Mughal contribution to the cuisine of India is nothing short of legendary
One delightful and decadent Mughalai dish we can't get over is Nihari
'Nihari' originates from the Arabic word "Nahar" which means "morning"
Mughals and their contribution to the cuisine of India makes for one of the biggest milestones in Indian culinary history. Mughal capitals, Awadh and Delhi especially witnessed some of the greatest culinary gems under their rule and governance. One such delightful and decadent dish we can't get over is Nihari. Nihari is a stew based dish, made by slow cooking meat along with the bone barrow. Nalli Nihari with Khameeri Roti till date makes for one of the most loved traditional breakfasts of Old Delhi.
The origin of Nihari dates back to the 17th-18th century. Historians claim that Nihari was developed in Old Delhi, while some say it was of product of the finest Awadhi khansamas and took its final shape in the kitchens of old Delhi.
The origin of Nihari dates back to the 17th-18th century
Nihari is also said to be an off-shoot of the Indo-Persian influence in the food, that was brought in by the Mughals. Noted author and activist Sadiya Dehlvi tells us, "While Delhi has enjoyed a hearty mélange of food since the Delhi Sultanate, the refinement came with the Mughals. The rich Mughlai spread with its Persian nuances tempered with Indian tastes and flavours spelt magic. It was during this time that Delhi's cuisine really began to emerge as one of the richest culinary fares across the world.
Executive Sous-Chef of Delhi Pavillion, Chef Kusha Mathur while telling us how the Awadhi spread is quite different from that of Delhi said. "It is all about the play of ingredients and spices. There are marked differences in Delhi's non-vegetarian fare. Delhi's Nihari, for instance, is more reddish-orange as compared to Awadh's lighter and slightly yellower variant. So, there is definitely a difference, the difference that persisted and evolved over the years and became unique to Delhi."
The word 'Nihari' originates from the Arabic word "Nahar" which means "morning". It was originally eaten by Nawabs in the Mughal Empire as a breakfast item after their morning prayers (Fajr). After a hearty breakfast of Nihari, the Nawabs would take a nap till afternoon, when they would wake up for afternoon prayers.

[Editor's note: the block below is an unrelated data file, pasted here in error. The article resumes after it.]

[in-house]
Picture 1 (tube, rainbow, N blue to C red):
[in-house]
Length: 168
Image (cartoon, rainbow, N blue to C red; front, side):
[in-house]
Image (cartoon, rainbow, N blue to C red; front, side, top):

It was only down the years, that Nihari became the favourite of the masses and the Mughal army, who would consume the stew for its energy-boosting properties and wade through the wintery-mornings of Delhi. Traditionally, Nihari was prepared overnight for 6-8 hours, in large pots for working class laborers, who were involved in construction of Mughal forts and palaces. It was served to labourers the first thing in the morning, for free.
There's also a rather interesting practice followed in some restaurants of Old Delhi. A few kilos from each day's leftover Nihari is added to the next day's pot. This re-used portion of Nihari is called Taar and is known to add a unique and rich spicy flavour to the freshly cooked Nihari. There are some Nihari outlets in old Delhi that still boast of an unbroken 'taar', which can be traced back over a century! Nihari was also used as a home remedy for common cold and fever by the noted hakims of the walled city.
Nihari is huge part of the culinary fare of Pakistan too. After partition when a significant part of Delhi-based Muslims found refuge in Pakistan in 1947, they took their Nihari with them too. Today, Nalli Nihari is part of almost every restaurant in Pakistan. Nihari has been a popular delicacy in parts of Bangladesh, particularly Dhaka and Chittagong too.
The buttery and spicy nihari is left to slow cook overnight when the meat melts down completely to merge with the texture of the stew. It is often teamed with bheja and topped with ginger juliennes, chopped coriander leaves, green chilies and ghee. Nihari is best enjoyed with khameeri roti.
Haji Shabrati Nihariwale and Kallu Nihariwale are some of the oldest and loved Nihari outlets in old Delhi. If you call yourself a true meat -lover you must not miss out on this silky stew.
About Sushmita SenguptaSharing a strong penchant for food, Sushmita loves all things good, cheesy and greasy. Her other favourite pastime activities other than discussing food includes, reading, watching movies and binge-watching TV shows.